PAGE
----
Liked by 2 people

      1. Thank you for your clarification. I don’t think EVERYTHING is bs, I’d wager that their either was a Jesus (new age Rabbi for that age) or there was a movement in which “disciples” spread teaching and attributed the teachings to Jesus. Maybe he was the Buddha of his time. Why if he was “God”, did he not put his words into writing? We have nothing! (except his disciples.. et al) There is lack of extrabiblical proof. People do point out Flavius but scholars believe the text is subject to Christian interpolation.

        Knowing in that time, an known empty tombs meant divinity (see also Alexander the Great), I ask why are all other “divinity” claims invalid but Jesus is the exception?

        Along with the “Bible”, I have read the Jefferson Bible, it’s actually a good read. When stripped of the “artificial vestments” (Thomas Jefferson) it actually makes for good moral parables. I guess I go along with Jefferson who believes the story of Jesus was corrupted.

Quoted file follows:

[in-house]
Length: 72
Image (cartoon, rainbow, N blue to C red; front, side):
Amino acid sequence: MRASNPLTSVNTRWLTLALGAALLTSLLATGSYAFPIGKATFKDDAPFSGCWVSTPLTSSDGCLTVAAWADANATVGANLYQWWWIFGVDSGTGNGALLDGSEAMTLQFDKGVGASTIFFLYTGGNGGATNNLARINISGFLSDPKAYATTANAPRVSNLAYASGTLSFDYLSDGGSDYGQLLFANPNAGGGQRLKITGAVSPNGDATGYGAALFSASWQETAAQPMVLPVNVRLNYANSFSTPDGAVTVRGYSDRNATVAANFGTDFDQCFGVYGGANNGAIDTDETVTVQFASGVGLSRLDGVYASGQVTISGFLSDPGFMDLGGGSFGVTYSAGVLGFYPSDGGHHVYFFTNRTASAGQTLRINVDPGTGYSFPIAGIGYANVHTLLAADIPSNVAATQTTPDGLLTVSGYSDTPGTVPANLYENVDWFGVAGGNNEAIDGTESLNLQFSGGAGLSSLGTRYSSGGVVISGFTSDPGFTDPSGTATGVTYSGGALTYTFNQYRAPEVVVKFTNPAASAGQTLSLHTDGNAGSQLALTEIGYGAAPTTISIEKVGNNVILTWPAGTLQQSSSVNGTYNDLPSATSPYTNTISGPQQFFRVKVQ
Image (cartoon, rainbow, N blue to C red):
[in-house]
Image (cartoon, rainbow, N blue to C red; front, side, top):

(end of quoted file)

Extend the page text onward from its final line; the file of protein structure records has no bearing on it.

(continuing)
I read somewhere that either you hike or camp, that makes you a good person in my book 🙂 …and yes, I can be long winded too. Obviously we both have two different views on the subject and that’s okay. I often learn from people I differ with… and I hope they learn from me too 🙂

        Liked by 1 person

        1. Yeah, that’s definitely a good question. I wish I could give some examples of extrabiblical proof but I’m not a Bible scholar or historian sooo. I am a lot farther than I would like to be from being able to back up my beliefs to others with secular proof, but I also know that there’s always going to be someone who will refute. You know? I came back to Christianity because if Jesus was real (and obviously I think he was), I think he was super legit and I love the philosophy of loving others and being good to them no matter what. (I suck at living that, but I try.) I’ve also noticed my mental state is healthier and more positive since coming back so because of that and several other reasons, for me, it’s the right choice.

          Lol, odd good person criteria but I’ll take it! Learning from others is exactly why I’m here, as well. It’s dangerous to isolate ourselves with people who believe exactly like we do.

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          1. I would say that the philosophy of loving others is not unique to Jesus or the jews as we have similar teachings in other cultures in different geographical location and in times that predates the Jews and similar behaviors have been observed in other life forms